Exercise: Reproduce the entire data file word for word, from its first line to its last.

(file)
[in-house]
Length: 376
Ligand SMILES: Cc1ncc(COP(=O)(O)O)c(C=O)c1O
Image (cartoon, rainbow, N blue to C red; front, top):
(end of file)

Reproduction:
[in-house]
Length: 376
Ligand SMILES: Cc1ncc(COP(=O)(O)O)c(C=O)c1O
Image (cartoon, rainbow, N blue to C red; front, top):